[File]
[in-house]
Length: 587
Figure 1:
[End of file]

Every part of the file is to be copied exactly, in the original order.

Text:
[in-house]
Length: 587
Figure 1: